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Court considers states' environmental authority

By Associated Press
Published October 9, 2003

WASHINGTON - The Supreme Court was urged Wednesday to keep the federal government from second-guessing state environmental decisions.

The justices are considering whether the Environmental Protection Agency went too far by overruling Alaska regulators' decision to let the operators of a zinc and lead mine use less costly antipollution technology for power generation.

The Clean Air Act allows state officials to make some decisions involving their own facilities.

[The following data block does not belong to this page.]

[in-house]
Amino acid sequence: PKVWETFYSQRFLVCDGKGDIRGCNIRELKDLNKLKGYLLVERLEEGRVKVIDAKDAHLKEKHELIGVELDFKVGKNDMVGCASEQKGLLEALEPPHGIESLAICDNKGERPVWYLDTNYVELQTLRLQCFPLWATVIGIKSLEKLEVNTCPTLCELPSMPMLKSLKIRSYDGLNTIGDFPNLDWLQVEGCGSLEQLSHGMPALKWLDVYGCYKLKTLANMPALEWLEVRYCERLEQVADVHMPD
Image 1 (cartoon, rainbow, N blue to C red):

Much of the argument at the high court focused on when, and how, the EPA can intervene when it disagrees with some technology decisions.

Thomas Hunger, representing the Bush administration, told justices that for at least 20 years the EPA has handled cases the way it did the Red Dog mine, issuing its own administrative order.

"I'm just dubious this is the kind of review that Congress envisioned," Justice Antonin Scalia told Hunger.

Washington lawyer Jonathan Franklin, representing Alaska's environmental agency, said that "the states take their responsibility seriously" in putting the law in place.

The Supreme Court in recent years has issued a series of states' rights rulings that have increased state powers. Later this term the court will review a second Clean Air Act case requiring justices to decide if Los Angeles can go beyond the federal law to impose tougher antismog rules for city buses, airport shuttles and other vehicles.


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